Susan B. Anthony’s primary crusade was to obtain the right for women to vote. She never saw this dream come to fruition, dying before the 19th Amendment passed. Susan B. Anthony also fought for equality of pay, a battle that we have not yet won. Even today, women are paid only 77% of what men earn. Over the course of a lifetime, this inequity can mean the difference between financial security or insecurity.
On the Stephen Colbert report, Lilly Ledbetter made the following observation about pay inequity:
I was making 40% less than the three white males doing the exact same job that I was. That was a devastating hit for me because that meant my overtime pay was incorrect, what I had legally earned under the law. And it also meant that my retirement would not be correct. […]
This goes on for the rest of your life. It’s not just my pay, my overtime pay, that my children and my family had to do without. This also goes into my retirement now. [..] Now, when my retirement checks go into the bank, I get 40% less than what I should.”
Pay inequity is not an issue reserved solely for academics or activists; pay inequity is an issue that cuts into family security. Within this country, there are millions of households that depend on a woman’s paycheck. There are millions of children that are able to eat because of their mother’s salary. If a woman is only making 77% of her male counterparts, then this is an inequity that filters down to the home.
On January 15th, Elaine Dalton, who is responsible for overseeing all Mormon girls between the ages of 12 and 18, made the following statement in a BYU devotional
"Young women, you will be the ones who will provide the example of virtuous womanhood and motherhood. You will continue to be virtuous, lovely, praiseworthy and of good report. You will also be the ones to provide an example of family life in a time when families are under attack, being redefined and disintegrating. You will understand your roles and your responsibilities and thus will see no need to lobby for rights."
Elaine Dalton is one of the few visible female leaders in a religion that has been designed to keep all authority out of the hands of women. Every decision that a woman leader makes within the Mormon Church can ultimately be over-turned by the male leaders in charge. This is a skewed and unhealthy dynamic – and yet, the impetus for change is nowhere to be found. There is simply a refusal to admit the problems. Utah is the worst state for pay inequity: the average working woman only makes 55 cents for every dollar the average working man does. This is a statistic that cuts into the well-being of children and families: every household that depends on a woman's salary has to make do with 45% less.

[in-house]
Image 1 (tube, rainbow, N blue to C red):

I don’t believe in fighting simply for the sake of fighting. However, I do believe in being realistic. There are still a lot of battles remaining before we can call ourselves an egalitarian society. To deny this reality – and to actively discourage young women from aspiring for a better reality – is oppressive at best, dangerous at worst. What about when these young women grow up and have families? What if they never marry? What if their marriages crumble or their spouses leave or they find themselves in an abusive situation? What if they end up being the sole breadwinners for their family? What will happen then? By empowering women to be the architects of their own lives, we empower all of society, families included.
I wonder what Susan B. Anthony would have to say on the matter.